You love who you love.

You love who you love.

I just heard a replay of your interview with Bernie Mac -- and your entertaining interview with Chris Rock is included in your book. Both of them were very interesting on how their tough childhoods shaped their comedy. You seem to have a special love for comedians, as well as musicians -- is that true?

Well, sure, I love comedians. My father was always very good at telling jokes.

What did your father do?

He was in millinery. It was a family business he was in; he was a wholesaler for the material that they use to make hats, the cloth, the ribbons, all that kind of stuff.

This was New York?

Yes, Manhattan. I grew up in Brooklyn.

So he was a frustrated comedian?

Always told a lot of jokes.

Who were his favorite comics?

Well, it was always a big debate in the house whether Jackie Mason was good or bad for the Jews (laughs). He always liked Myron Cohen a lot too, because he was like a dialect comic.

If you were asking Bush and Kerry the questions at the Thursday debate instead of Jim Lehrer, what would be at the top of your list?

I'd really like to think about that before giving you an answer. I mean I always prepare for interviews, so it's not like I have things off the top of my head that I'd want to stand by. So I hesitate to give you a glib answer on that -- it's something that I would genuinely think about before.

As communicators, how do you think each one is doing in the campaign?

Well, it's interesting for me to see Kerry being criticized for being complex. I guess in a campaign situation maybe you need to speak more simply, but it surprises me that complexity should be seen as a liability for a president. The issues are, in fact, complex.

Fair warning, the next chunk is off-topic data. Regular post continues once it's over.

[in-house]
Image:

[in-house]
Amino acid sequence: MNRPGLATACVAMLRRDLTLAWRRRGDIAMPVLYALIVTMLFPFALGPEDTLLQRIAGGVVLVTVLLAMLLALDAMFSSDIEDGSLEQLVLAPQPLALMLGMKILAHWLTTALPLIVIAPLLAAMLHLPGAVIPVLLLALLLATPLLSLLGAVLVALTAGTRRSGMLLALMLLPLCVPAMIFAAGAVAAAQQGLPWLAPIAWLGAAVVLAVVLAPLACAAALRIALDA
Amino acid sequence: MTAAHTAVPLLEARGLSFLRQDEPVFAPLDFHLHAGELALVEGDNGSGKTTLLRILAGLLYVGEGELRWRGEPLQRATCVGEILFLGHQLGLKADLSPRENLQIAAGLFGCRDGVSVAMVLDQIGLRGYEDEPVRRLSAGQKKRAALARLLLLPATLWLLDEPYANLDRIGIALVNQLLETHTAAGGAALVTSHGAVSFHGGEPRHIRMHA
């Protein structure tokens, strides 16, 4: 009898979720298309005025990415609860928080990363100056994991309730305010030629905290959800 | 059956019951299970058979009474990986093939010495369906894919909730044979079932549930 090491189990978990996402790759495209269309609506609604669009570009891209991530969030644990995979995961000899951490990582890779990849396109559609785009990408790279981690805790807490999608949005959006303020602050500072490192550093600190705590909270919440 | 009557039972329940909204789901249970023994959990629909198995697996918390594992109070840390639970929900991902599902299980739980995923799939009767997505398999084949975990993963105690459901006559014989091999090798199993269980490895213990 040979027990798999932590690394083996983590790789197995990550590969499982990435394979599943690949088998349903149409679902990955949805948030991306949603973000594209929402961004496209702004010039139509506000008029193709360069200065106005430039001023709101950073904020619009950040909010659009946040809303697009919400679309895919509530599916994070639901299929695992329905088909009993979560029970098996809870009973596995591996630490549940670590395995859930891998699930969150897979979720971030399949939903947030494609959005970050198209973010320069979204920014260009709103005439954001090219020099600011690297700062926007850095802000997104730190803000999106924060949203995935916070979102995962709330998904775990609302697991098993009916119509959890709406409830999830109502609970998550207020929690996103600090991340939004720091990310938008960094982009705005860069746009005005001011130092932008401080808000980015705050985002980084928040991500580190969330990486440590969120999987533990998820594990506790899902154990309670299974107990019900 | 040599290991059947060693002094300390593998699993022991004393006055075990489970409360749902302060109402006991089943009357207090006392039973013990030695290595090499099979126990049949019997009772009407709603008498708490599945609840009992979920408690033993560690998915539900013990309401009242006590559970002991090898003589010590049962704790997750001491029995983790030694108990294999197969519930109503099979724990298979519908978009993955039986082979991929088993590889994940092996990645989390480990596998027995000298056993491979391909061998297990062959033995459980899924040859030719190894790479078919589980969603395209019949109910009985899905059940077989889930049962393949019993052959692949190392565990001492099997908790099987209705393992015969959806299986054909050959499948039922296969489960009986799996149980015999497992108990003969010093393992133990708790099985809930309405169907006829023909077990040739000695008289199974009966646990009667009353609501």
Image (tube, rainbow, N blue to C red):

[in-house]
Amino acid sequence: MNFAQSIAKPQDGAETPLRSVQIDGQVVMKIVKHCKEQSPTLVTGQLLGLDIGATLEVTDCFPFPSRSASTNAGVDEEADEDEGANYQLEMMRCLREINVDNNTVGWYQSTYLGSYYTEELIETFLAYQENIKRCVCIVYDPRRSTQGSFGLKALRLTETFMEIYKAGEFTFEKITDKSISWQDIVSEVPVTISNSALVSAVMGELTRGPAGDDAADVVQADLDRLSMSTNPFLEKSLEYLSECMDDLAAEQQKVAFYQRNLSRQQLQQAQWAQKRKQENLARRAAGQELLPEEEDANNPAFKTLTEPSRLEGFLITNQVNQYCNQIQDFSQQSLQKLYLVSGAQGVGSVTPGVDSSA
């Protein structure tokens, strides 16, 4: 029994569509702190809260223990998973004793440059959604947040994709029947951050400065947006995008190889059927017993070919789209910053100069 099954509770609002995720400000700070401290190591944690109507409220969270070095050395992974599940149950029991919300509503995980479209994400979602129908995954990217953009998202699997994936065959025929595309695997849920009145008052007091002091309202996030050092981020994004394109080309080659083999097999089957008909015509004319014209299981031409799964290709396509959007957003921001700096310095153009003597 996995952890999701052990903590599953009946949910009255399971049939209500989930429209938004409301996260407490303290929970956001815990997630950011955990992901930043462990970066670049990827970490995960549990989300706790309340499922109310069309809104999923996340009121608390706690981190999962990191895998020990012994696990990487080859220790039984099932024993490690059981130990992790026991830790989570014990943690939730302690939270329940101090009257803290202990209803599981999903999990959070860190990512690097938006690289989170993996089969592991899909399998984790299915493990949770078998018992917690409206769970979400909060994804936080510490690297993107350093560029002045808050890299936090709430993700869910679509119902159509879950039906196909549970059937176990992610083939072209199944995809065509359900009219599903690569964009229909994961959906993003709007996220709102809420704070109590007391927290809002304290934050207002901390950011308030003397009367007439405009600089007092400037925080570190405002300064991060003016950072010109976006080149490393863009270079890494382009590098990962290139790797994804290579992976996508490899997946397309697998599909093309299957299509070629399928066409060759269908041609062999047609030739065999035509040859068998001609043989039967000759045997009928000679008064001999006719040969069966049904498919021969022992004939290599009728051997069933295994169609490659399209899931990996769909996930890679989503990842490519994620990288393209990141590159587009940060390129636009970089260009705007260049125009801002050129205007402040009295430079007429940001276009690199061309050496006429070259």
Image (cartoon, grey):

As you write in your book, you've been hosting "Fresh Air" since 1975, nearly your entire adult life. At age 53, evaluating your life and career, are you happy with where you are? Any regrets?

I don't have any big regrets that I can think of. I actually feel lucky to have a show that's lasted this long on public radio, I feel lucky to be in radio, I feel lucky to work with the people I do. Like Danny Miller, the executive producer of the show, we've worked together for over 25 years, he started when he was an intern. Our relationship together has outlasted your average marriage. I have such confidence in his judgment, and just in him as a person. And the rest of the staff too.

Reading the introduction to your book, it becomes clear how much work the show is. Preparing for each day's show, reading the books and bios, doing the interviews, editing them -- it's kind of relentless. You comment on how hard it is to keep your friendships going, since you're working all the time. Do you have any regrets about that? And then there's family. You don't talk about this in the book, but I don't imagine you have children.

I'm actually happy to talk about that, and I have no regrets about that.

About not having kids?